John Trever has spent a major part of his life helping New Mexicans laugh about the free roaming culture clashes, the flowing barrage of bad decision making, poor judgment and wrong- headed good intentions by the state's political leaders.  His talent for exploring everyday oddness of life in the land of enchantment enlivened the Albuquerque Journal editorial pages for more than 30 years.

As the Albuquerque Journal's editorial cartoonist between 1976 and 2011 Trever had the best seat in the state to help make sense of it all.  Now there will be an opportunity to revisit Trever at will.  He has donated his hundreds of original New Mexico cartoons to the Center for Southwest Research at Zimmerman Library.  The cartoons will be digitized and placed in an online archive where they will be freely accessible.

Trever says, "It was great working in New Mexico and I was blessed with editors that gave me free rein." He said it was interesting to work in the state because the political discourse has always been very lively.  Trever continues to contribute one cartoon a week to the Albuquerque Journal so his wry take on current topics is still available.

University Libraries Associate Dean for Scholarly Resources Mike Kelly says the CSWR is thrilled to receive the cartoons because they represent a unique take on issues of the day in New Mexico. "Political cartoons are great primary resources for students and researchers to use as they offer insights into the public attitude concerning an issue in a way that text may not be able to do," he says.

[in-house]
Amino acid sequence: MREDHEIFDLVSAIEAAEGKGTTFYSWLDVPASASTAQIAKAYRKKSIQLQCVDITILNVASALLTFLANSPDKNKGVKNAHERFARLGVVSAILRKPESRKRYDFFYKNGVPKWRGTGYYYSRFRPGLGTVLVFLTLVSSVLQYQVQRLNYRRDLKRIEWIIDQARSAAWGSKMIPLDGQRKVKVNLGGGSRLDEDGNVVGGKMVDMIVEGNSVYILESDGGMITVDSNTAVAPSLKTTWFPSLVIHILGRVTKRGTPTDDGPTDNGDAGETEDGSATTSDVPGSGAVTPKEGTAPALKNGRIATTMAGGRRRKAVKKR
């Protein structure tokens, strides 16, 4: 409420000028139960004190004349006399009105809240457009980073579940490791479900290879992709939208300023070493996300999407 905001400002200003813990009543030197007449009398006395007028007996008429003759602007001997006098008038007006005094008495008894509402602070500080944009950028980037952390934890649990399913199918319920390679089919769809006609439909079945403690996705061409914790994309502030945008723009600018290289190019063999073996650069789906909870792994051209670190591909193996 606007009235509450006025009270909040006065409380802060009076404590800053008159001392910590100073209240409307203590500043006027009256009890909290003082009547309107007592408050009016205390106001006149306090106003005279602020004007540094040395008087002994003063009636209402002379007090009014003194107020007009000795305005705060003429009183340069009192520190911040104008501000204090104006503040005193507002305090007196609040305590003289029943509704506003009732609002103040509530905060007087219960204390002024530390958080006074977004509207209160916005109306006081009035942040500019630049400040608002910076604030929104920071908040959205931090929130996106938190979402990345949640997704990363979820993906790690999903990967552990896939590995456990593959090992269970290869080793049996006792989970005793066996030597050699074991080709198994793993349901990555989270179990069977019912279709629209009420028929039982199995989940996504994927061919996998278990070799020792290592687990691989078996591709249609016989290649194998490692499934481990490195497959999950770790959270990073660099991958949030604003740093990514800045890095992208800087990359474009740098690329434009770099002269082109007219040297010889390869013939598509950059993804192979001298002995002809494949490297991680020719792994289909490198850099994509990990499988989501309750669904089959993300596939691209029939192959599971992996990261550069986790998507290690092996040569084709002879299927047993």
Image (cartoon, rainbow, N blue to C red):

Political cartoons have been used in the U.S. since the 1700's. Kelly says their use of humor and satire is able to immediately capture the essence of an issue without much text, and are useful to understand some of the common assumptions of the public mood that might never be written down.  He points out, "Political cartoons are expressions of the opinion of the cartoonist.  They are evidence of a point of view.  It might be a point of view not necessarily held by everyone but a point of view that could indicate the frustrations and confusion held by everyday citizens about the political world."

Trever's work has been honored by the Society of Professional Journalists, the Free Press Association, the New Mexico Legislature and the Albuquerque Arts Alliance.  His cartoons have been syndicated to more than 350 daily newspapers by King Features Syndicate and to college papers through the College Press Services.

The cartoons have been collected in three volumes, "The Trever Gallery: A Public Hanging" (1992), "The Trever GallerY2K: Drawing Fire" (1999) and "Mañana Republic (2007).  Trever was born in 1943 in California, but grew up in the Midwest.  He won the first national Newspaper Comics Council contest at 13 with a drawing of "Pogo."  After graduating from high school in Ohio, he attended Syracuse University where he cartooned for the "Daily Orange."

Trever served with the U.S. Air Force from 1968 to 1972 as a Minuteman Launch Officer in Wyoming.  He moved to the Denver area where he worked for the "Sentential" before landing in New Mexico to join the editorial staff at the "Albuquerque Journal."

Trever and his wife Karen, a retired Montessori teacher, have five grown children and five grandchildren.  He continues doing a weekly cartoon for the Sunday Albuquerque Journal, and to hope that the Chicago Cubs will return to the World Series in his lifetime.

Media contact: Karen Wentworth (505) 277-5627; email: